When major airlines reached an agreement with the Treasury Department to accept government grants on Tuesday, the companies essentially agreed that the government will be involved in decision-making for the duration of the COVID-19 pandemic.
Now, the airlines are asking for exemptions from minimum service levels they are required to provide as a condition of their grants.
The Department of Transportation (DOT) requires that aided airlines that had originally offered a flight or more a day at least five days a week now provide at least one flight a day, five days per week. Aided airlines that provided service less than five days a week will now need to serve only one day a week.
After reviewing the requests of each airline, the DOT began making its verdicts on Thursday.
According to USA Today, the DOT granted JetBlue's request to cut service to two of the 12 destinations. Both requests were approved for airports in Aguadilla and Ponce, Puerto Rico, as all arriving passengers to the country must first stop in San Juan for passenger screening.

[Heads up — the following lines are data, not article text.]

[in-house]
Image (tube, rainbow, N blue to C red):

While JetBlue's requests were approved, Spirit was denied its request to drop 25 destinations where it had already stopped service April 8. The DOT granted exemptions only for Aguadilla, Puerto Rico.
Other carriers such as American and Delta have also applied for exemptions, as planes are flying with so few passengers due to the current outbreak. The airlines believe that even with the current reductions of flights, the carries will still see steep losses in revenue.
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